Netflix’s: Bright

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Picture courtesy of Polygon.com

I know I don’t blog much, but yesterday I watched a new movie Will Smith is in and it’s called Bright. Before I saw it, I came across quite a few articles where critics panned the movie. I gave the movie an honest try, and I liked it. It gave an honest view of our current climate when it comes to race. The movie is set in a kind of alternate universe, if you will, where Orcs, fairies and humans apparently don’t get along and are suspicious of one another. Joel Edgerton plays officer Nick Jakoby who also happens to be an orc. Will Smith plays Daryl Ward, a cop and whose of the human race. Throughout the movie, we have Orcs hating on their own kind, the whole cop division discriminating against an Orc who happens to be a cop (Jakoby).

Art imitates life, no?

Is this not what’s going on in the good ole US of A? Do cops not gun down innocent people? Or how about their own? This post is not about bashing the police and such but more so about the emphasis that’s put on our physical or cultural difference. Why does it really matter what our skin tone is, why is it so off-putting? And what’s the fear associated with it? There’s also the theme of choice, or allegiance. If you’re not faithful to one side, then you’re an enemy of the other.

Meanwhile, we have the magical elf police trying to prevent the end of the world as they know it. There’s this magic wand that everyone wants. This wand grants the wish of anyone who touches it…well not really. You see, you have to a certain type of person or elf to hold that wand, if not, you explode into fine dust.

The point here is, they had something that could change the world, and everybody wants a piece of it. We may all want the same thing, but we want things shaped in the way we want it.

So, we have these race wars, we have all this fear but the one thing we have in common is drive to change. On the other side we have evil people trying to destroy the world. Do we come together and institute world peace or do we let our desires and hatred kill or enslave us?

What’s more important to you? The color of someone’s skin or the content of their character? Who will you listen to, manufactured statistics or the man sitting next to you? Does choosing sides mean you’re not choosing a side? Whatever happened to neutrality? Why must we align ourselves with one group? And who made these stupid rules? We are not one, but made up of many people, from generations past. If I am you and you are me, aren’t we the same person? So, what’s with the separation? We are really not all that foreign to one another. We all need the basics to live, so it makes me ask the question, what is our foundation built on?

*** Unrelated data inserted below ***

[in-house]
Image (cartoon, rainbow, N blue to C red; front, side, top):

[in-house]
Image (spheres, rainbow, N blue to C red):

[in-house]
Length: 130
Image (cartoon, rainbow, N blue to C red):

© privatethoughtsmadepublic. 2017.

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4 thoughts on “Netflix’s: Bright

  1. I was at a sleepover this weekend too, and we watched it. Didn’t finish it though, I fell asleep. I mean I could predict the ending (the good always win) but it was a bit too graphic for me. But I will say I felt it addressed what I know America to be, especially to anyone who’s not Caucasian. I wonder if it will make people think more or it will just be entertainment to them…
    Great review though, Lady Patience

    Liked by 1 person

    • Bright was child’s play compared to The Punisher, which I have my own thoughts on. As for causing people to think more… it’s difficult to shine a light on what people think doesn’t exist. And in their world, it may not. The stuff that I watch is pretty much true to life. Have you seen Avatar? There were all kinds of messages in that movie but people labeled it racist which wasn’t really the point of the movie in my opinion.

      Liked by 1 person

      • No, unfortunately, I haven’t seen either of the other movies you’ve mentioned. Not really my genre. I like my sleep peaceful (haha). But I guess them labeling it as racist may have been a defense mechanism, maybe?
        That’s so true, being unable to shine a light on what people think doesn’t exist. Sad, but true

        Liked by 1 person

      • People pick the easiest label so they don’t have to critically think. I’m not a fan of those types of people or mindset. But, thank you for sharing your thoughts. It’s always interesting to know what someone’s foundation is and what they chose to build on it.

        Liked by 1 person

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